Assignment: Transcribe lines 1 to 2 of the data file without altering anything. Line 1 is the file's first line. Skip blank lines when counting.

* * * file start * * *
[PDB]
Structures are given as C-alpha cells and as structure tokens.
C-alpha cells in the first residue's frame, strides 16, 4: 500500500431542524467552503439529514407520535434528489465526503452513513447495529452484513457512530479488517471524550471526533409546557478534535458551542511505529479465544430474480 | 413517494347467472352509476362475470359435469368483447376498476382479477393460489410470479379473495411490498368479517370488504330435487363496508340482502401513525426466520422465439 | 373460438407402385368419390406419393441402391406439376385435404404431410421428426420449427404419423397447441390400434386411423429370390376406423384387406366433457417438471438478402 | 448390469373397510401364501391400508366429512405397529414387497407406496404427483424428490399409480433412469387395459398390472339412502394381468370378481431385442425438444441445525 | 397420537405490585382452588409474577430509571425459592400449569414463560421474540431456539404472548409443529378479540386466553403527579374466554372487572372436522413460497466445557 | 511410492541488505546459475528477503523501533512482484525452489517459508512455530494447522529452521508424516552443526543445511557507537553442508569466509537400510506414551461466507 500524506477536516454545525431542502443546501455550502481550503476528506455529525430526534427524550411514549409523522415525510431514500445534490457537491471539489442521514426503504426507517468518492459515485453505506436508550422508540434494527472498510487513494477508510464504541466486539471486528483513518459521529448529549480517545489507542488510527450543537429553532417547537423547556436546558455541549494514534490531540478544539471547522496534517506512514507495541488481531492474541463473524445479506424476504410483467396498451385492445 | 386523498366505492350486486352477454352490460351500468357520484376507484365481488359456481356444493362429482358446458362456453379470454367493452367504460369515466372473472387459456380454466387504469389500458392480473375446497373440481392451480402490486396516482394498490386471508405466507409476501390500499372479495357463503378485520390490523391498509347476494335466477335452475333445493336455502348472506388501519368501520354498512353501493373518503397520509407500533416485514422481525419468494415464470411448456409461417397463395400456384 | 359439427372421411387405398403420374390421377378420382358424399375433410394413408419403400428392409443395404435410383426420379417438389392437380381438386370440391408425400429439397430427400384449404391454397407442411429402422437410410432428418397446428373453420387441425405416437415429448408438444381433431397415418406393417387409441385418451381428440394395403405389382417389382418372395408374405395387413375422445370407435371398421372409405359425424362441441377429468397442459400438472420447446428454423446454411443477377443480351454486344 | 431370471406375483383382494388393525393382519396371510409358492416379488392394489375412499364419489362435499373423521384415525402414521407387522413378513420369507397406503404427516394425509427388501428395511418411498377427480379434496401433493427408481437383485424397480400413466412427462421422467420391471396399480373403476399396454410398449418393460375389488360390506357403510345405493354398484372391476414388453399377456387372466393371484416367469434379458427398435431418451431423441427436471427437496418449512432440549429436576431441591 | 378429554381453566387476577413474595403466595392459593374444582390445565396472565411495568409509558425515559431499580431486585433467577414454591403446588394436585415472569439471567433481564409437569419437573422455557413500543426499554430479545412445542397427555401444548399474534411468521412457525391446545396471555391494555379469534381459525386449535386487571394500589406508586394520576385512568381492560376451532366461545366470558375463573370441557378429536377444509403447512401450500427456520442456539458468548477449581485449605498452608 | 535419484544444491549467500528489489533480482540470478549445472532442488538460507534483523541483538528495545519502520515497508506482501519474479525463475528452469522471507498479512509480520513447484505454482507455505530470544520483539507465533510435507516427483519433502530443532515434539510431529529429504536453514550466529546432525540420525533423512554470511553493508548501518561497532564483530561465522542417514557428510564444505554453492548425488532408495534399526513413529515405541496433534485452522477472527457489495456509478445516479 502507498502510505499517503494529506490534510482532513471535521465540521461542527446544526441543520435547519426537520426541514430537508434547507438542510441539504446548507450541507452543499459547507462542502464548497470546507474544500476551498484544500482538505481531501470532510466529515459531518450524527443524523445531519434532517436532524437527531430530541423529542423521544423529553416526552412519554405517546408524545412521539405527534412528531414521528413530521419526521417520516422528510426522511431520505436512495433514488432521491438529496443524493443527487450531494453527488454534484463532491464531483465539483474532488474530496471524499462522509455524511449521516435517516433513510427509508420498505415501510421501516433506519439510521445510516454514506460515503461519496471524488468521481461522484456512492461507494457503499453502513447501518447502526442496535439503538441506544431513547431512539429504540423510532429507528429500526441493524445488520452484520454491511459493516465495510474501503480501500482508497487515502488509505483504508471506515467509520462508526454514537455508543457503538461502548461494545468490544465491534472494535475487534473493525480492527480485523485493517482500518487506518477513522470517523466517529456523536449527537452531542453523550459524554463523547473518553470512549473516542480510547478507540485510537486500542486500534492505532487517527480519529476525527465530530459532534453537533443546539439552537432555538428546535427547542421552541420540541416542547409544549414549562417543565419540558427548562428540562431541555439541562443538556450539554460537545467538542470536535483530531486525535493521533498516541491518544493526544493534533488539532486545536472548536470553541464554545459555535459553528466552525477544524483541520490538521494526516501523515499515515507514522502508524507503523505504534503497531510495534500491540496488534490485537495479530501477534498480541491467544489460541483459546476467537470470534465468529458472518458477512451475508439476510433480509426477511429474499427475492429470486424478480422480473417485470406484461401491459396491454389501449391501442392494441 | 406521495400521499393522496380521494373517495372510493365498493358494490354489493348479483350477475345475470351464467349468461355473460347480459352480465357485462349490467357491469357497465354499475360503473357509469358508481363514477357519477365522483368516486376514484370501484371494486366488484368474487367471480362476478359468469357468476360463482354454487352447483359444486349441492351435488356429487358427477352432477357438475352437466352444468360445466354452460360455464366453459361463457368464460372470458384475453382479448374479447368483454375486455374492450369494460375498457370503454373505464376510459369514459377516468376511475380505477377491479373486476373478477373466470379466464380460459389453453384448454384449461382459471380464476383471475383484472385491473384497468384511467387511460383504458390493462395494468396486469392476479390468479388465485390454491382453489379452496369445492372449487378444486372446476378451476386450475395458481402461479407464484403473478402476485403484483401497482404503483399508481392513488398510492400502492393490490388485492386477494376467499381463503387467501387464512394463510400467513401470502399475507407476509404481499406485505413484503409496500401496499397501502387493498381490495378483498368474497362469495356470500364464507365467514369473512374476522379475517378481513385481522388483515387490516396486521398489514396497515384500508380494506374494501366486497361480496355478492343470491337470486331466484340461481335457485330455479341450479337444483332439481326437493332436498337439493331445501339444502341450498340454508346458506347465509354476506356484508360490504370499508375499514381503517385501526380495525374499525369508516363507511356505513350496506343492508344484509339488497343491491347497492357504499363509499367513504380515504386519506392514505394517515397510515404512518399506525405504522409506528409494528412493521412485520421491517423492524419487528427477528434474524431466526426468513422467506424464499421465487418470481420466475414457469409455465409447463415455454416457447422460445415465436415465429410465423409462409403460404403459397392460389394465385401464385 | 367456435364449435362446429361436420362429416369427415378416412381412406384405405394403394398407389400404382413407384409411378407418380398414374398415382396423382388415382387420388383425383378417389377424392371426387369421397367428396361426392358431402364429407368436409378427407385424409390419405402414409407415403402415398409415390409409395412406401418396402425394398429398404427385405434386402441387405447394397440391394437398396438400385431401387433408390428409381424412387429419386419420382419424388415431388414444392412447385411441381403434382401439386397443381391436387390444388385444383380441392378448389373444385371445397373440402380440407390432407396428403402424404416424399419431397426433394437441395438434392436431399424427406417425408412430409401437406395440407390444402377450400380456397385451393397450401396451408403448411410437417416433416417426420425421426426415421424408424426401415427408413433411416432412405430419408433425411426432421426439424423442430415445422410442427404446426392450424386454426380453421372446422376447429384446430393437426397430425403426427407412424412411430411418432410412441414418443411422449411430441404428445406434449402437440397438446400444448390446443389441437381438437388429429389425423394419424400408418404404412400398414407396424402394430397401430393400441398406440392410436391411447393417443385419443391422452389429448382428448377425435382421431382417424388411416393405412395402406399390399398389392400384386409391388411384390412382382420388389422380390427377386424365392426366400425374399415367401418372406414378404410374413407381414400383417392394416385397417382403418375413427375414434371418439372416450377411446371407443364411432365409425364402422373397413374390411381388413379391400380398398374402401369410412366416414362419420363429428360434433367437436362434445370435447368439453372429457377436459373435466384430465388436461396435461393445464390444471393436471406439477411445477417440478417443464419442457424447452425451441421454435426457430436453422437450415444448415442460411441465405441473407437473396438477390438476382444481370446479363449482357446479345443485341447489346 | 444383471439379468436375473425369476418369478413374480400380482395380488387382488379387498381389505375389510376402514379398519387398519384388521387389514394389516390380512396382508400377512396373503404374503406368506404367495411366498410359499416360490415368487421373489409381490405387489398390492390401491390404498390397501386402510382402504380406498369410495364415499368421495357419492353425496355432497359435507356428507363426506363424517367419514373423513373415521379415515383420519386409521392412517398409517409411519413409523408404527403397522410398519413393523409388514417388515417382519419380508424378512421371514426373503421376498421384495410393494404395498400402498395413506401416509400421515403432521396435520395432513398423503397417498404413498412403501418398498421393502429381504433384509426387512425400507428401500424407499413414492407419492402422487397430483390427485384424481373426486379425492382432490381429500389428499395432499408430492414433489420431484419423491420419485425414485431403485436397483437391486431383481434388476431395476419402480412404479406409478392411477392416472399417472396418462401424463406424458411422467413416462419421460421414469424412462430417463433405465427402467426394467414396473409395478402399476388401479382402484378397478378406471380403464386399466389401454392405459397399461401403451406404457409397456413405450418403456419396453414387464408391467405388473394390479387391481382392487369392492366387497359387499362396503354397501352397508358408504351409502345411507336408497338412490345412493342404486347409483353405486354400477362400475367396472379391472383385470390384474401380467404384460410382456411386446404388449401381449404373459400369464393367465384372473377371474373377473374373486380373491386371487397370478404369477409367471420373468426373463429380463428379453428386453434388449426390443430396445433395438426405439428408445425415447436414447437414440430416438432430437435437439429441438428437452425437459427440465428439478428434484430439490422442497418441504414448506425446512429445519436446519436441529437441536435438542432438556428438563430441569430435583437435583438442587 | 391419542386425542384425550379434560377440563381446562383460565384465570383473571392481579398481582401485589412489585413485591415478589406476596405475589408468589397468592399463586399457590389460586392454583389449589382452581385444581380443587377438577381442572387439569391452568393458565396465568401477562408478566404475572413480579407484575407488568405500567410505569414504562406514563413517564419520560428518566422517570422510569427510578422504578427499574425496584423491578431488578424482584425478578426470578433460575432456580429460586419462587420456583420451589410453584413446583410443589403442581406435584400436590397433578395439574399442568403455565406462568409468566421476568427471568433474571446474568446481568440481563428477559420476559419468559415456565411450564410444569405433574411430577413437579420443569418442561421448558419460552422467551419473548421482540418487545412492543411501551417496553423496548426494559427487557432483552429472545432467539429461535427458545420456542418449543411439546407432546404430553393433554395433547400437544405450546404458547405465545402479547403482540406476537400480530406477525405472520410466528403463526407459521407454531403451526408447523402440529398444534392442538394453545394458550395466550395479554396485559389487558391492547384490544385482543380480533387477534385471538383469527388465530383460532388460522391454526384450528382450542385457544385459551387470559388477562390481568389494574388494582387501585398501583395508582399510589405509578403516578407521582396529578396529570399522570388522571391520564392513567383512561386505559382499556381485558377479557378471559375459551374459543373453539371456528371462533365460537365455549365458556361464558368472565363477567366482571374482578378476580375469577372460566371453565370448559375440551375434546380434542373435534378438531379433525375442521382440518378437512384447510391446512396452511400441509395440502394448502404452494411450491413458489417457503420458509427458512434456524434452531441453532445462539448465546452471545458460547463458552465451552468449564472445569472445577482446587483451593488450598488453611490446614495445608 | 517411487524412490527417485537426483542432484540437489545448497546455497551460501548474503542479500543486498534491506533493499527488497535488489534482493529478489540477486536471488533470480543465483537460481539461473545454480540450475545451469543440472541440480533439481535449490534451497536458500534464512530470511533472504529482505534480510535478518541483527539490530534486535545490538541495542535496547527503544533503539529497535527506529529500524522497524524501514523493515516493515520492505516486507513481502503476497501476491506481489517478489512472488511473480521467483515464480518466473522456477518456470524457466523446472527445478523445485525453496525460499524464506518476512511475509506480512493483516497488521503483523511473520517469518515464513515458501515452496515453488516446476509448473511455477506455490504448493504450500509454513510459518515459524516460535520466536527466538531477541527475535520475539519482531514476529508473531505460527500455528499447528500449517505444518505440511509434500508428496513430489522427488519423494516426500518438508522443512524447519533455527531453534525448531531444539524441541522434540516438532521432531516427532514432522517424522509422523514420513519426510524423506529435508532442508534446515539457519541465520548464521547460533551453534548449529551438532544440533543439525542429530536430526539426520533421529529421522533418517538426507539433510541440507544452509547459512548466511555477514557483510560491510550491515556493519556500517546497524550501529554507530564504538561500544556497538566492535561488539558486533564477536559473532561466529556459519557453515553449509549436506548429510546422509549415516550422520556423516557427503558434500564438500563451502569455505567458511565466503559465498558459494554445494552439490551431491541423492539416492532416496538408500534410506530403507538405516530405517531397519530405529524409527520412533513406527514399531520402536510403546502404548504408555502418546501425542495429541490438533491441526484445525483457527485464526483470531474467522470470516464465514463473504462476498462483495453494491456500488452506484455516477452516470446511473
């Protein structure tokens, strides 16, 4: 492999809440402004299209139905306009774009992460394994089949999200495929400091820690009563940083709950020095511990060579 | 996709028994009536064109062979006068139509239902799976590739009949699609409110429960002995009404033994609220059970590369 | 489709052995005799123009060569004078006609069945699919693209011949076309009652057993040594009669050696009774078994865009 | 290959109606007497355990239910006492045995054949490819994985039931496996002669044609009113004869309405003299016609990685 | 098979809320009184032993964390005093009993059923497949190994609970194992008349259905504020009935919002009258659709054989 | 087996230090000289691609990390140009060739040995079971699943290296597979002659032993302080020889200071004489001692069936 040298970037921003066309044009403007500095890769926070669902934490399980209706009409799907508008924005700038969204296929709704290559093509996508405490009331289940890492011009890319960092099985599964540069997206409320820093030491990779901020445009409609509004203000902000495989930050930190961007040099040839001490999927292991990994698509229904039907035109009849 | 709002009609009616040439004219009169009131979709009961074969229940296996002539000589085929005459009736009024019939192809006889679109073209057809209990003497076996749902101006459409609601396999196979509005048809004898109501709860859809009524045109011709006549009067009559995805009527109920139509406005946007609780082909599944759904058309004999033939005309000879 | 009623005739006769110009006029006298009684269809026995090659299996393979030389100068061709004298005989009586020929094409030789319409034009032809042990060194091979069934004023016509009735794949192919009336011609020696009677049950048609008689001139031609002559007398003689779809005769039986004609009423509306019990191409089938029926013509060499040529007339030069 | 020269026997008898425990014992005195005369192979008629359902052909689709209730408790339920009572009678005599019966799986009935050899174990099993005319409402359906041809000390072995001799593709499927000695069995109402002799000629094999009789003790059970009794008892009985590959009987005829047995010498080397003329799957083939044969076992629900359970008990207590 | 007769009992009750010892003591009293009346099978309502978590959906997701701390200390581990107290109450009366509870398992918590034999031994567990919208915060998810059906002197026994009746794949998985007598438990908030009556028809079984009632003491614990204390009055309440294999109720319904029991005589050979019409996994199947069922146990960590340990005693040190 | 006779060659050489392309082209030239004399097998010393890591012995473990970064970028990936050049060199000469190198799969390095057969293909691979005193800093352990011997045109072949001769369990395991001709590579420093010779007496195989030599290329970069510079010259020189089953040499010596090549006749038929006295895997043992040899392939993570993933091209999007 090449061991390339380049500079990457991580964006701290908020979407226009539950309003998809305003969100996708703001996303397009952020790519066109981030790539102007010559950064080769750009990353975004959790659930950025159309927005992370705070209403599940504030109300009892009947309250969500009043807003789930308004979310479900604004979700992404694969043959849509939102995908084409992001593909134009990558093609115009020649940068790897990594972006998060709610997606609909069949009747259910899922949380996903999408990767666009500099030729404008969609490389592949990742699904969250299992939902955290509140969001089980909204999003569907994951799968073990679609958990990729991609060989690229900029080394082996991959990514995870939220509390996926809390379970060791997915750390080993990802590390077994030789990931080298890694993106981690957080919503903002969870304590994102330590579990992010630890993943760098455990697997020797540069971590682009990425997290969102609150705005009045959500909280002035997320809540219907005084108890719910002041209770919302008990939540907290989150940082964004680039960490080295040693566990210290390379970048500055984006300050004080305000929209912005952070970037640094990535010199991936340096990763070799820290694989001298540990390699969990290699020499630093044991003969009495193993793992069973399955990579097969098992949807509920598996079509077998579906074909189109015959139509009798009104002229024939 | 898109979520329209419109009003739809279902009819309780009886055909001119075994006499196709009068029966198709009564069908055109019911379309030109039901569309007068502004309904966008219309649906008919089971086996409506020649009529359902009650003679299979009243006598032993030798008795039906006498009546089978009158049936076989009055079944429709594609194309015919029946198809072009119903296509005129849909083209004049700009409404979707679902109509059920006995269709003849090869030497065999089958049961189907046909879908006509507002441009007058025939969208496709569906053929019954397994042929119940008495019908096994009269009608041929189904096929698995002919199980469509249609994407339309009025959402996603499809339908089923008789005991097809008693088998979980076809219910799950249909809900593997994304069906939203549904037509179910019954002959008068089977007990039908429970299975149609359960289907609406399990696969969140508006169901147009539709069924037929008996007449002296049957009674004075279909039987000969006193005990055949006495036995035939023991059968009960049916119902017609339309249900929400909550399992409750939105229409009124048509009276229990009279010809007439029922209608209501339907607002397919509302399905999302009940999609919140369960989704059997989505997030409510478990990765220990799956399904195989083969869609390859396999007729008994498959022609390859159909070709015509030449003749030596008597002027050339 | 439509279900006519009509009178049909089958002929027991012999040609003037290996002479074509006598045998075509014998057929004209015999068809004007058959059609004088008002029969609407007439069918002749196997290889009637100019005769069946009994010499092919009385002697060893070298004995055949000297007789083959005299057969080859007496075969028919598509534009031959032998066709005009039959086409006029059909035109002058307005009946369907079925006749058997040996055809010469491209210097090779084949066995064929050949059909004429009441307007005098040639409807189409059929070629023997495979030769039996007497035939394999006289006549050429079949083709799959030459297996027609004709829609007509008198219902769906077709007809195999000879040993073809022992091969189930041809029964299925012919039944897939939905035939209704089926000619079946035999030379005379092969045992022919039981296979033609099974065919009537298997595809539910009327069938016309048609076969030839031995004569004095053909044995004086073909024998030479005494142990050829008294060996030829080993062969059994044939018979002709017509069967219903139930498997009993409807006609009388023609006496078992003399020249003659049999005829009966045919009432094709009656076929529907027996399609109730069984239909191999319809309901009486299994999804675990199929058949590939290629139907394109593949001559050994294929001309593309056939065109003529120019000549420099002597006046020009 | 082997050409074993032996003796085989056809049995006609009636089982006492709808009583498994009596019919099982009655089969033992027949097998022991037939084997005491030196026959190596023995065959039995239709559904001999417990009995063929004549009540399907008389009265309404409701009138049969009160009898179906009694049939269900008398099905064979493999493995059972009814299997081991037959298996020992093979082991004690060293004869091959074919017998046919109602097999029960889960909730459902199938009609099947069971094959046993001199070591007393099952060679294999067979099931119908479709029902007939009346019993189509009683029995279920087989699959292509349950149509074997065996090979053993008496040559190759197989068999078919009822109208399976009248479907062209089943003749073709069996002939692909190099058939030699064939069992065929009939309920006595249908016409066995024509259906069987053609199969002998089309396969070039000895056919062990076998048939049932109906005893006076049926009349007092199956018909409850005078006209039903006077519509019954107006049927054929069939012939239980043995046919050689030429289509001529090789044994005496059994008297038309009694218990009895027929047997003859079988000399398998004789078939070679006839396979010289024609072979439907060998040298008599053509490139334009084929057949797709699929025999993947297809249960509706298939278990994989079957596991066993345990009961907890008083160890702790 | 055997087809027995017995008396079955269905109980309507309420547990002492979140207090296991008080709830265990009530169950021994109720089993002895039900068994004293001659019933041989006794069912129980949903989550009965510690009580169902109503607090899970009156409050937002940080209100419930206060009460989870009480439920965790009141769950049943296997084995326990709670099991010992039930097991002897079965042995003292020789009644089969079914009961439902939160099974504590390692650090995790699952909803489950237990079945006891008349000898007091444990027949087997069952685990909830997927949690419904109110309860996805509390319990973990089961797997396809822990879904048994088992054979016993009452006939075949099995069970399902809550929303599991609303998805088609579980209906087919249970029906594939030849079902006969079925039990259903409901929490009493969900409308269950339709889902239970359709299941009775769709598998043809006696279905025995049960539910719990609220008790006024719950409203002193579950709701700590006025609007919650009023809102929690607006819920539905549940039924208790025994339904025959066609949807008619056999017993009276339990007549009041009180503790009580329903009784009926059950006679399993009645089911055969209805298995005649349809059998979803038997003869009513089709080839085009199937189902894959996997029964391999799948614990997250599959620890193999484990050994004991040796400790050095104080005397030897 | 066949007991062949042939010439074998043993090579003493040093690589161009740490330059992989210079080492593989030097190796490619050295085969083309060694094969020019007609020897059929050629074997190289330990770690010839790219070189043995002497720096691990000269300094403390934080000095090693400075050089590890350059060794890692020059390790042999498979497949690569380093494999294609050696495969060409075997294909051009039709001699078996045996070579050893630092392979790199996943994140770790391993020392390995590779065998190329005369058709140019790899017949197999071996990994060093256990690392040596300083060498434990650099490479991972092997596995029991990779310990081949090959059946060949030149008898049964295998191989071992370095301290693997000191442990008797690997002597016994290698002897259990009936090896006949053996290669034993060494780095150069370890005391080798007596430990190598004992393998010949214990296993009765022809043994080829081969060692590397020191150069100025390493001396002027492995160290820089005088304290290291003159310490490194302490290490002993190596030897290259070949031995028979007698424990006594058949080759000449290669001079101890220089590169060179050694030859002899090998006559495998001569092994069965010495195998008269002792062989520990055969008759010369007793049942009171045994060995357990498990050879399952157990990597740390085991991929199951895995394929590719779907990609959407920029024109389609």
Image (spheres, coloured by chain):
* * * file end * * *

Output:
[PDB]
Structures are given as C-alpha cells and as structure tokens.